It wasn’t supposed to be like this.
When the MAAC was forming, back in 1997, Quinnipiac athletic director Jack McDonald was a spearhead for its creation. He then sought out a key role in the college hockey community, earning a place on the NCAA Men’s Ice Hockey Committee.
Meanwhile, his team was tearing up the MAAC. With an NCAA automatic bid on the horizon, Quinnipiac figured the conference’s first-ever berth was rightfully its, and it was only a matter of time before the Braves were representing their new conference nationally.
Even after losing in the semifinals of the first two MAAC tournaments — both times finishing the regular season in first place — the Braves figured they would rise to the occasion this year with the NCAA bid on the line.
Unfortunately, the best laid plans often go awry; a funny thing happened on the way to the forum; and all those other cliches.
By last Saturday afternoon, it was Mercyhurst that pulled out a 6-5 win in the MAAC tournament championship game, and left Quinnipiac left to wonder where it all went wrong.
“I don’t think the way we played, we deserved to win,” said Quinnipiac head coach Rand Pecknold. “Our focal point the whole season was to play defense. You don’t give up six goals in the championship game and expect to win.”
Indeed, Quinnipiac, a run-and-gun team over the past couple years, clamped down defensively this season. With so much at stake this year, the Braves knew that was a necessity. For most of the season, they did it effectively, and it didn’t hurt to have freshman Justin Eddy — who stopped 58 shots in a 1-1 tie with St. Lawrence early in the season — between the pipes.
Something else that hurt Quinnipiac in past seasons was bad penalties, and that trend continued this year. The Braves took over 90 minutes in penalties in a 6-0 loss to Mercyhurst in January, a game in which Pecknold got ejected, and were second in the conference with over 21 minutes in penalties per game. It cost them in the semifinal game of the league tournament two years in a row.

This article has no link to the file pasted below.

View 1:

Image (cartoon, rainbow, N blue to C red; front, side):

Coming into Saturday’s championship, Pecknold urged his team to stay away from bad penalties.
— Quinnipiac senior Anthony DiPalma
But, in the end, for all the wonderful senior leadership, and the great success story the program had written, the past came back to haunt them.
“I’m more disappointed with how my guys played than actually losing the game,” Pecknold said. “The sixth goal, we had both ‘D’ go to the corner, and it was just a terrible play. Our entire focus was to not let that happen, and we did.”
Players from many of the so-called “Big Four” conferences do not realistically have a chance at the NCAA tournament. Perhaps a team like Ferris State, Alaska-Anchorage or Vermont is better, all things considered, than any MAAC team. But those teams had no realistic shot.
Quinnipiac’s chance was quite real.
“We were close for a few years, and we thought this year should’ve been our year,” said junior forward Ryan Olson. “It would’ve been the icing on the cake.”
Those seniors, like Chris Cerrella, Shawn Mansoff, Anthony DiPalma, Jed Holtzman and Chad Poliquin, won’t get another chance at it. They know their chance at glory, at recognition, slipped away.